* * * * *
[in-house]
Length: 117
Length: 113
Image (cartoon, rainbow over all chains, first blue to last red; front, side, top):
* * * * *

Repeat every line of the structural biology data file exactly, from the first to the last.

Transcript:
[in-house]
Length: 117
Length: 113
Image (cartoon, rainbow over all chains, first blue to last red; front, side, top):